Hamas to end 10-year feud with Syria, restore relations

After backing anti-Assad rebels and abandoning Damascus headquarters, Hamas looks to restore ties with Syria.

By World Israel News Staff

The Gaza-based terrorist organization Hamas has agreed to reestablish ties with the Assad regime in Syria, after a decade-long dispute over the Syrian civil war, Reuters reported Tuesday.

The report, which cited two sources within Hamas, did not specify a reason for the move or its timing. One said that representatives from Hamas and the Syrian government have already held a number of “high-profile meetings to achieve that goal.”

Syrian officials did not respond to a Reuters request for comment.

Relations between the Syrian government and Hamas have been strained since the start of the Syrian civil war in 2011, after regime forces cracked down on Sunni rebels and protesters.

The split worsened in early 2012, prompting Hamas to openly defy Assad, and endorse Sunni rebels.

In February of that year, Hamas chief Ismail Haniyeh gave his backing to anti-Assad forces.

“I salute all the nations of the Arab Spring and I salute the heroic people of Syria who are striving for freedom, democracy and reform,” Haniyeh said during a visit to Cairo’s al-Azhar mosque.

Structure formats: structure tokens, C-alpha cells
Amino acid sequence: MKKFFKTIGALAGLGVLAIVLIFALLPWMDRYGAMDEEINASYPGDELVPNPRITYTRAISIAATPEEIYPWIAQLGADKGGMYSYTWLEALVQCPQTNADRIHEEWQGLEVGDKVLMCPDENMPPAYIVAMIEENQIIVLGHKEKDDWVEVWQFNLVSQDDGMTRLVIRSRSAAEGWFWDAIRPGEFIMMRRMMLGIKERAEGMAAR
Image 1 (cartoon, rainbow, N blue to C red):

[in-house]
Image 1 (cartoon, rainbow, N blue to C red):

Later that month, leaders of Hamas’ Syrian branch – including exiled then-chairman of Hamas Khaled Meshaal – abandoned their offices in Damascus, relocating to Egypt and Qatar. In November of 2012, Syrian forces raided Hamas’ former Damascus headquarters.

The tensions between Hamas and the Assad regime also led to a rift between the terror group and Tehran, which continued to back the Syrian leader.

While Iran and Hamas eventually reconciled, the Gaza-based terror organization did not reestablish ties with the Syrian government.

Ten years after Hamas leaders left Damascus, however, the two sides appear poised for a rapprochement.